July 4, 2004 in Nation/World

U.S. has spent 2% of aid package for Iraq

Rajiv Chandrasekaran Washington Post
 

BAGHDAD, Iraq – The U.S. government has spent 2 percent of an $18.4 billion aid package Congress approved last year after the Bush administration called for a quick infusion of cash into Iraq to finance reconstruction, according to figures released Friday by the White House.

The U.S.-led occupation authorities were much quicker to channel Iraq’s own money, expending or earmarking nearly all of $20 billion in a special development fund fed by the country’s oil sales, a congressional investigator said.

Only $366 million of the $18.4 billion U.S. aid package had been spent as of June 22, the White House budget office told Congress in a report that offers the first detailed accounting of the massive reconstruction package.

So far, according to the report, nothing from the package has been spent on construction, health care, sanitation and water projects. More money has been spent on administration than all projects related to education, human rights, democracy and governance.

Of $3.2 billion earmarked for security and law enforcement, a key U.S. goal in Iraq, only $194 million has been spent. Another central objective of the aid program was to reduce the 30 percent unemployment rate, but money has been spent to hire only about 15,000 Iraqis despite U.S. promises that 250,000 jobs would be created by now, U.S. officials familiar with the aid program said.

U.S. officials involved in the reconstruction blame security concerns and bureaucratic infighting among the Pentagon, the State Department and the White House for delays in the allocation of funds. By the time the Pentagon’s contracting office in Baghdad began awarding contracts, the risk of kidnapping and other attacks aimed at foreign workers was so dire that many projects never began. Several Western firms that won contacts have summarily withdrawn their employees from Iraq.

Fewer than 140 of the 2,300 reconstruction projects that were to be funded with the U.S. aid package are under way, the officials said.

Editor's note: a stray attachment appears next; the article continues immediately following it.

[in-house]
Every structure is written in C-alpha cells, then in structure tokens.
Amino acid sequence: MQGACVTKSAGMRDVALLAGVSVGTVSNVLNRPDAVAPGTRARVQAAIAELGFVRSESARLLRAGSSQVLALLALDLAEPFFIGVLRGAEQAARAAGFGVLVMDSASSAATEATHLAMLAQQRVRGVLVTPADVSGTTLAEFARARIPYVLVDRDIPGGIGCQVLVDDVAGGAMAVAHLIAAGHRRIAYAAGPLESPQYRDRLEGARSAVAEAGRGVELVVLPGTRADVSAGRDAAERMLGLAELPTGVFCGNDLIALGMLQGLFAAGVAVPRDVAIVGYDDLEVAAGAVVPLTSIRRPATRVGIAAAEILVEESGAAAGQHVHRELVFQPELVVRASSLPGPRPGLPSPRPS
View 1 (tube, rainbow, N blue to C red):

Officials with the contracting office contend the amount of money actually spent does not reflect the full scope of work being performed. A more accurate figure, they said, is the amount of money allocated for reconstruction work. Just over $5.2 billion had been allocated as of June 22, according to the White House budget report.

“The money that is disbursed is typically not disbursed until the work is completed, so it doesn’t give the best picture of what’s going on,” said John Proctor, a spokesman for the contracting office. “Some of our projects take months, or even years, to complete.”

Proctor said actual spending had increased to $400 million since the figures were provided to the White House on June 22.

Spending patterns have been different with the Iraqi money. The Coalition Provisional Authority, the now-dissolved U.S.-led occupation administration, spent or locked in for future programs more than $19 billion from the $20 billion Development Fund for Iraq, which was established by the U.N. Security Council to manage Iraq’s oil revenue, said Joseph A. Christoff, director of international affairs and trade at the General Accounting Office, the watchdog arm of Congress.

Christoff said in a telephone interview on Saturday that all but $900 million of the fund had been spent or allocated by the time the United States transferred political authority to an interim Iraqi government last Monday.

Some Iraqi officials have criticized the contrasting spending practices. The occupation authorities “came here and spent a lot of our money but very little of theirs,” said a senior Iraqi official who spoke on condition of anonymity on the ground that criticism could affect his relationship with the new U.S. Embassy here.

The official did not contest the CPA’s decision to use the development fund money to pay the expenses of running Iraq’s government during the occupation, but he condemned spending on what he called “less essential projects that should have been left up to the Iraqis to decide.”